What’s better than a fluffy, fried donut? A fluffy, fried donut filled with cream or jelly of course! That extra burst of flavor is irresistible–a delightful surprise in every bite. But the process can be daunting. Fortunately, we have a few tips and tricks to help you create delicious and beautiful donuts from the inside out. What do you say? Are you ready to fill a donut?
In general, filled donuts are yeast-risen donuts cut in a round or bar shape. The airy interior has plenty of room to hold all your delicious fillings, unlike the dense crumb of a cake donut. And because donuts don’t have a very long shelf life, you will want to plan to fill them the same day they have been fried. Just be sure to allow the donuts to cool to room temperature before filling. If the inside of the donut is too hot, the filling might melt or become too runny.
To keep things simple, we decided to fill our donuts with some premade fillings. But there are so many to choose from! Pastry cream, of course! Bismark, yes! Jelly, absolutely! You can also fill your donuts with Nutella, buttercream, chocolate ganache, or a delicious mixture of cream cheese and peanut butter. Ultimately, you can use anything that has a thick, pipeable consistency. The sky’s the limit!
Now, to assemble the tools. As with any kitchen project, having the right tools can make all the difference. So we grabbed some Wilton piping bags, the Ateco Bismarck pastry tip (we like this tip because it has a longer tapered point that allows you to fill the donut with control and precision), and some of our premade raspberry pie filling. But don’t worry! If you don’t have a piping bag and Bismark tip, you can easily use a Ziplock bag, a chopstick, and a regular round piping tip instead. Here’s how we did it:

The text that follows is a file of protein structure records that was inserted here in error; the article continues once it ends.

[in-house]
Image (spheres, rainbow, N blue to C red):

1. Cut off the corner of the piping bag and insert the piping tip.
2. Spoon the filling into the piping bag (you will need about ¼ to ⅓ cup of filling per donut)
3. Twist off the open side of the bag and insert the tip into the middle of the donut.
4. Gently wiggle it around inside to help create a small pocket without widening the initial opening too much (this is where you would use the chopstick if you don’t have the filling tip).
5. Slowly squeeze the filling so it has a chance to reach all the air pockets and fill until the donut reaches the desired fullness.
There are plenty of other ways to fill a donut without a piping bag. You can try using a funnel or a turkey baster as long as the filling isn’t too thick. Or you can simply use a paring knife to cut open the donut partway and spoon in some filling. But we found that the piping bag and Bismark tip made for the cleanest, easiest filled donut.
It might take you a few tries, but eventually, you will be able to feel when the donut has the right amount of filling. You don’t want to overfill the donut because it might start to leak out. And no one wants a donut that only has a tiny bit of filling. So experiment with different amounts until you find something just right. And once you fill the donut, you can either ice it or dust it with powdered sugar for a beautiful finish.
Donuts are such a delightful treat–especially when you fill a donut it takes things to a whole new level. And with these tools and techniques, you can easily fill all of your donuts with no problems. The only question to ask yourself is, “What filling am I going to try first?”